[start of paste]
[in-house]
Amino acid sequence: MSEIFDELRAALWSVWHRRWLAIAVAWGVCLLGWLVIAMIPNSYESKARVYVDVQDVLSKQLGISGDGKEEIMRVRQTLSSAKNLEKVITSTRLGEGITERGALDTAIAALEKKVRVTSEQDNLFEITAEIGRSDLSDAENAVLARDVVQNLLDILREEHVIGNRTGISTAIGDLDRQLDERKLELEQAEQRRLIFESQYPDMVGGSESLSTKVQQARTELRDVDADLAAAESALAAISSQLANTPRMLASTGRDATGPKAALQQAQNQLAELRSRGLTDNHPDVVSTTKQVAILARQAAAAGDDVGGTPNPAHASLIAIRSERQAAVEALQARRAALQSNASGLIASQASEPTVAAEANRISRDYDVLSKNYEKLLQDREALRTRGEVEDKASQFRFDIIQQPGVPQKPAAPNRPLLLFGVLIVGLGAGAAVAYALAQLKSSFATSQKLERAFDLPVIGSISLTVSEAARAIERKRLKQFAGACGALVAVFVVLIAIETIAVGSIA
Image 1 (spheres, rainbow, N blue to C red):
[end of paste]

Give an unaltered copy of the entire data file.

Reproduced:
[in-house]
Amino acid sequence: MSEIFDELRAALWSVWHRRWLAIAVAWGVCLLGWLVIAMIPNSYESKARVYVDVQDVLSKQLGISGDGKEEIMRVRQTLSSAKNLEKVITSTRLGEGITERGALDTAIAALEKKVRVTSEQDNLFEITAEIGRSDLSDAENAVLARDVVQNLLDILREEHVIGNRTGISTAIGDLDRQLDERKLELEQAEQRRLIFESQYPDMVGGSESLSTKVQQARTELRDVDADLAAAESALAAISSQLANTPRMLASTGRDATGPKAALQQAQNQLAELRSRGLTDNHPDVVSTTKQVAILARQAAAAGDDVGGTPNPAHASLIAIRSERQAAVEALQARRAALQSNASGLIASQASEPTVAAEANRISRDYDVLSKNYEKLLQDREALRTRGEVEDKASQFRFDIIQQPGVPQKPAAPNRPLLLFGVLIVGLGAGAAVAYALAQLKSSFATSQKLERAFDLPVIGSISLTVSEAARAIERKRLKQFAGACGALVAVFVVLIAIETIAVGSIA
Image 1 (spheres, rainbow, N blue to C red):